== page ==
On November 16 entrepreneurs Jim McKelvey and Doug Auer (top photo), along with Cortex’s President and CEO Dennis Lower (bottom photo: middle), hosted a ribbon cutting for M.A.D.E. (Makers, Artists, Designers, Entrepreneurs), a new 33,000 s.f. maker space at 5127 Delmar.
The grand opening marked the one year anniversary since the abrupt closure of all 10 TechShops across the country, including one located in the CWE’s Cortex Innovation District where there were 500 members. As soon as the news broke, McKelvey contacted both Auer, his partner in Third Degree Glass Factory, and Lower and together “we vowed we would be the city that saved our maker space.”
They acquired TechShop’s equipment, purchased the vacant building directly across from the Glass Factory that formerly housed a Vespa dealership, and immediately got to work renovating the space. Amazingly, the total gut rehab project was accomplished in less than one year!
In his welcoming remarks Jim McKelvey, above left, the co-founder of the Square payment device, said the camaraderie and inspiration of makers at TechShop in San Francisco was very important to him when he was developing the Square prototype.
He added that Mayor Lyda Krewson and the City of St. Louis were extremely helpful in facilitating the quick opening of M.A.D.E. “Getting it up and running within a year wouldn’t have been possible without their cooperation. This is Phase 1,” he continued, “Phase 2 will house The Magic House for children on the second floor, which is set to open this summer. (More on this exciting news follows.)
In time, McKelvey, Auer and Lower plan to transform the entire area on and around Delmar into a “maker zone.”
Mayor Krewson drew a laugh when she recalled a phone call from Doug Auer and Jim McKelvey 15 years ago when she was 28th Ward Alderman: “We’re interested in a vacant building on Delmar…a few people will be blowing glass…” The wildly successful Third Degree Glass Factory opened in 2002 and Krewson said she has learned over time that “Doug can build anything, and Jim can do anything.”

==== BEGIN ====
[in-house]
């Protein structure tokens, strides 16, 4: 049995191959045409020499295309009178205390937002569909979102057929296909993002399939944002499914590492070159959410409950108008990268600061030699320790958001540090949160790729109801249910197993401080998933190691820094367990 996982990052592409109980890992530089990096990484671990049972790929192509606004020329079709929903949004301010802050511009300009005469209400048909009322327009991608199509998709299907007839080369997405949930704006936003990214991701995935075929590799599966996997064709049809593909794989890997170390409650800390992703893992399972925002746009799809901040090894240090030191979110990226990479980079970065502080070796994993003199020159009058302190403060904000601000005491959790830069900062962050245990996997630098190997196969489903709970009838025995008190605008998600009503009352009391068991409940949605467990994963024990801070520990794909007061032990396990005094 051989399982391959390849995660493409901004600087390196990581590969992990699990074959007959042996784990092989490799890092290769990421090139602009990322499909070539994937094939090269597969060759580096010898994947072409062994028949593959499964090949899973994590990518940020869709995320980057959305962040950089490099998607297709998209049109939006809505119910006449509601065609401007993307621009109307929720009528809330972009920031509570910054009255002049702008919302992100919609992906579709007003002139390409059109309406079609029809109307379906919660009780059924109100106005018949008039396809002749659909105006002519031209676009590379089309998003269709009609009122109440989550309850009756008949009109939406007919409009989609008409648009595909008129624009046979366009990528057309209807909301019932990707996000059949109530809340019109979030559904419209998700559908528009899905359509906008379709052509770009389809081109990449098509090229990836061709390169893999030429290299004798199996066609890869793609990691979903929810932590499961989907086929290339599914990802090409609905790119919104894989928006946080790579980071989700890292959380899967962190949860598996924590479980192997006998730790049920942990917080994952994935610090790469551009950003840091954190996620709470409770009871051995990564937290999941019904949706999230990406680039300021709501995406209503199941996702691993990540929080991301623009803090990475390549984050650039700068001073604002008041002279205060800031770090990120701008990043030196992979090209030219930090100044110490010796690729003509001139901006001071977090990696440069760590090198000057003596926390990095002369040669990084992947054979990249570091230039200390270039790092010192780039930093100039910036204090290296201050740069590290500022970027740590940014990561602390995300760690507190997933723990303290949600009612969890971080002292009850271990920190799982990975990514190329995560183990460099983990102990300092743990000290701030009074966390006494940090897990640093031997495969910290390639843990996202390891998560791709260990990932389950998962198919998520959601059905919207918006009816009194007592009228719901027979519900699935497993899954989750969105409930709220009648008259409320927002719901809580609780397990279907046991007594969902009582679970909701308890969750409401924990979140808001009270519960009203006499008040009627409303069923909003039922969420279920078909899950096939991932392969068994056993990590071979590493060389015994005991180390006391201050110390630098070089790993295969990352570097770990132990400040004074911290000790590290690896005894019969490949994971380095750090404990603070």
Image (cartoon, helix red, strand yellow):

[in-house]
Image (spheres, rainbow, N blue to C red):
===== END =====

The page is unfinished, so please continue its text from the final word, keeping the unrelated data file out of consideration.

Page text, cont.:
Beth Fitzgerald, president of Magic House said her board wanted to expand its reach into north city and they contacted Cortex’s Dennis Lower for ideas. When Magic House opens this summer at M.A.D.E., the board’s vision will be realized. This summer is also the 40th anniversary of the opening of Magic House in Kirkwood. Magic House at M.A.D.E., which will offer classes and camps with a focus on STEAM education, is geared toward elementary and middle school children.
In his final remarks McKelvey said, “Come here and play. If you don’t know how to use the equipment, ask us. There are no rules—well,” he laughed, “there is a waiver.”
The photos below show a small sampling of what is available at M.A.D.E.
Top photo: Textiles teacher Sheila Lenkman also works part time for The Repertory Theater. She explained that, for beginners, the first step is to sign up to learn how to use the equipment, which includes a long-arm quilter. There will be classes based on the needs of the community whether that is pattern making, installing zippers, etc.
It was fun to see CWEnder Melody Walker in her new role as Economic Development Editor at St. Louis Public Radio. Follow her on Twitter here.
Left: Wiley Price IV, newly elected to represent District 84 in the Missouri House of Representatives, and right: Price with Justin Idelburg, left, community leader in Ward 26, and Doug Auer.
M.A.D.E., 5127 Delmar, 10 a.m. to 10 p.m. Monday through Saturday. Membership is $50 per month plus a small hourly fee to use the equipment. For more information, visit the website.